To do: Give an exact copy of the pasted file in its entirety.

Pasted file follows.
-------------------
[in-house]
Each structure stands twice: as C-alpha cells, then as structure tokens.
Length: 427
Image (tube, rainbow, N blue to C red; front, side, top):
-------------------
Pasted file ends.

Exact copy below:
[in-house]
Each structure stands twice: as C-alpha cells, then as structure tokens.
Length: 427
Image (tube, rainbow, N blue to C red; front, side, top):